Referring now to FIGURES l, 2 and 3 a cylindrical housing 10, preferably of a transparent material, is fastened by means of a clamp 11 to a conductor 12 of an overhead line. Mounted inside the housing 10 in a pair of bearings 13, shown in simplified form, is a spindle 14. Carried on the spindle so as to rotate with it is a vane 15' of low hysteresis coefiicient magnetic material. Also carried on the spindle 14 so as to rotate with it is a bar-shaped ceramic permanent magnet '16. Fastened to the housing 10 and surrounding the permanent magnet 16 is a closed iron circuit 17 having two pairs of polepieces 18 and 19. One of these pairs of pole-pieces '18 is located so that the line joining them is substantially tangential to the electric field surrounding the condoctor 12 when an electric current flows along it.

FIGURES 2 and 3 are respectively sectional views showing the arrangement of the permanent magnet 16 and iron circuit 17, and the vane 15.

The device operates as follows. When the housing is clamped to a conductor with the magnet and vane system aligned as shown in FIGURES 2 and 3, the spindle 14 is constrained in this position due to the magnetic flux from the permanent magnet flowing around the iron circuit 17 by way of the pole-pieces 1'8. Normal current flowing in the conductor 12 will produce a magnetic field around the conductor which will cause a torque to be applied to the vane 15. However, the torque due to normal line currents in the conductor is not sufficient to break the attractive force between the permanent magnet 16 a'ridthe pole-pieces 18. Thus the spindle will not be rotated.

If now a fault current flows in the conductor 12, the resultant magnetic field will be greatly increased and hence so will the torque applied to the spindle 14. The spindle will now rotate in an anti-clockwise direction, as viewed in FIG. 3, until the vane lies in the direction of the magnetic field that is substantially tangential to the field surrounding the conductor 12 i.e. the vane is positioned perpendicular to an imaginary plane passing through the axis of the conductor and the spindle. In this position the poles of the permanent magnet are again adjacent to a pair of pole-pieces 19 in the iron circuit 17. Thus when the fault current ceases, probably due to the operation of protective apparatus, the spindle will be constrained in its new position.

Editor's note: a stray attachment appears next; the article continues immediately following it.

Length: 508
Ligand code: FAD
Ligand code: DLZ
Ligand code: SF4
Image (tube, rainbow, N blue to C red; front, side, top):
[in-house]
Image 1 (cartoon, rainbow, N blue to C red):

The simplest form of indication is obtained by direct viewing of the vane 15 to see which position it is in. For this reason the vane should preferably be brightly colored, and the housing 10 will, of course, be transparent. The vane 15 may be part of, or coupled to, a cylinder with brightly colored segments to make it more easily visible. For example the vane may be embedded in a cylinder of plastic foam having its surface marked with fluorescent paint. However there are many other Ways of giving the required indication either visually or by means of apparatus controlled by electrical contacts 9 operated by the movement of the spindle. Such apparatus is not, however, the subject of the present invention.

It is necessary to reset the device to its normal position when the fault condition is rectified. In some cases it may be possible to do this manually, for example by means of a permanent magnet carried on a pole and used to move the permanent magnet carried in the device. However such means may not always be convenient, and some form of automatic resetting is desirable.

FIGURES 4, and 6 illustrate one form of the device described above which includes an automatic resetting circuit. The same reference numbers are used where appropriate.

In this embodiment the housing is extended on the other side of the clamp 11 as shown, the extension 20, and the clamp, being of an electrically conducting material. A container of electrically insulated material 21 is fastened to the end of the extended housing. The container 21 has a conductive coating 22 on its inner surface, insulated from the extension 20 by the material of the container. Carried inside the container are several electrical components connected as shown in FIGURE 6. The

conductive coating 22 forms one plate of a capacitor C1, the other plate of which is the ground. The coating 22 is connected through a diode D1 and a second capacitor C2 to the conductor 12. A second diode D2 is connected directly between the 20 and the coating 22. From the junction between capacitor C2 and diode D1 a connection is taken through a damping impedance Z to a twoterminal switching device S, of the type operable to close when the voltage between its two terminals exceeds a predetermined value. The other end of switching device S is connected through a winding W on the iron circuit pole pieces to the conductor 12 via the housing. In its simplest form the damping impedance Z may be a resistance, though an inductance may be used.